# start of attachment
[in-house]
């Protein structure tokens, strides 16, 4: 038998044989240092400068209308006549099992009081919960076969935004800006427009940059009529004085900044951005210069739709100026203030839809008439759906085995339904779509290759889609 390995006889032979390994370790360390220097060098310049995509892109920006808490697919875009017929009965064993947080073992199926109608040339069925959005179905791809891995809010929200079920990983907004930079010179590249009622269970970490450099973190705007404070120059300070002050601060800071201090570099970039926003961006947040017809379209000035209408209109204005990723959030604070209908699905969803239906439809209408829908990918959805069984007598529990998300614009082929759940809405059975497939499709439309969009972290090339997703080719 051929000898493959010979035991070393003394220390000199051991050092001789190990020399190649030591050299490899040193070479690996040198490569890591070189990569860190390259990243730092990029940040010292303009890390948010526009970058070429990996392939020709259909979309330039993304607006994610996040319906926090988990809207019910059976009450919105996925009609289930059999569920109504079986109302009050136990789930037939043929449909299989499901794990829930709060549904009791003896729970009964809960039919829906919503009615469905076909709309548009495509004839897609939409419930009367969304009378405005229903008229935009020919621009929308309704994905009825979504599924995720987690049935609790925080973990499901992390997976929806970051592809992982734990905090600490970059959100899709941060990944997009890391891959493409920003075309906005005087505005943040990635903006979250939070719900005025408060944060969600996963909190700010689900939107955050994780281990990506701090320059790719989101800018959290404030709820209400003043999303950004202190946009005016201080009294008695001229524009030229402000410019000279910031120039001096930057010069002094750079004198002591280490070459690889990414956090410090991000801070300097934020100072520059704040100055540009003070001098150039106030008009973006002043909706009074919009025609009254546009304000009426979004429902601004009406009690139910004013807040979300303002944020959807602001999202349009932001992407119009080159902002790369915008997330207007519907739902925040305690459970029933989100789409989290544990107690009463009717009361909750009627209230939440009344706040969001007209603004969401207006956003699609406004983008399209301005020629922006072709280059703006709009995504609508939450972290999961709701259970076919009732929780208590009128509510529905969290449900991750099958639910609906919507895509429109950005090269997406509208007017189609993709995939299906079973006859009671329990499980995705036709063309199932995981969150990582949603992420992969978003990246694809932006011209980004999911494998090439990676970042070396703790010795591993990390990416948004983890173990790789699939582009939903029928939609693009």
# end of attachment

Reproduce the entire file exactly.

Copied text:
[in-house]
């Protein structure tokens, strides 16, 4: 038998044989240092400068209308006549099992009081919960076969935004800006427009940059009529004085900044951005210069739709100026203030839809008439759906085995339904779509290759889609 390995006889032979390994370790360390220097060098310049995509892109920006808490697919875009017929009965064993947080073992199926109608040339069925959005179905791809891995809010929200079920990983907004930079010179590249009622269970970490450099973190705007404070120059300070002050601060800071201090570099970039926003961006947040017809379209000035209408209109204005990723959030604070209908699905969803239906439809209408829908990918959805069984007598529990998300614009082929759940809405059975497939499709439309969009972290090339997703080719 051929000898493959010979035991070393003394220390000199051991050092001789190990020399190649030591050299490899040193070479690996040198490569890591070189990569860190390259990243730092990029940040010292303009890390948010526009970058070429990996392939020709259909979309330039993304607006994610996040319906926090988990809207019910059976009450919105996925009609289930059999569920109504079986109302009050136990789930037939043929449909299989499901794990829930709060549904009791003896729970009964809960039919829906919503009615469905076909709309548009495509004839897609939409419930009367969304009378405005229903008229935009020919621009929308309704994905009825979504599924995720987690049935609790925080973990499901992390997976929806970051592809992982734990905090600490970059959100899709941060990944997009890391891959493409920003075309906005005087505005943040990635903006979250939070719900005025408060944060969600996963909190700010689900939107955050994780281990990506701090320059790719989101800018959290404030709820209400003043999303950004202190946009005016201080009294008695001229524009030229402000410019000279910031120039001096930057010069002094750079004198002591280490070459690889990414956090410090991000801070300097934020100072520059704040100055540009003070001098150039106030008009973006002043909706009074919009025609009254546009304000009426979004429902601004009406009690139910004013807040979300303002944020959807602001999202349009932001992407119009080159902002790369915008997330207007519907739902925040305690459970029933989100789409989290544990107690009463009717009361909750009627209230939440009344706040969001007209603004969401207006956003699609406004983008399209301005020629922006072709280059703006709009995504609508939450972290999961709701259970076919009732929780208590009128509510529905969290449900991750099958639910609906919507895509429109950005090269997406509208007017189609993709995939299906079973006859009671329990499980995705036709063309199932995981969150990582949603992420992969978003990246694809932006011209980004999911494998090439990676970042070396703790010795591993990390990416948004983890173990790789699939582009939903029928939609693009």